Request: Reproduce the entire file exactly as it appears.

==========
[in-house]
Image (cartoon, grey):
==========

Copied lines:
[in-house]
Image (cartoon, grey):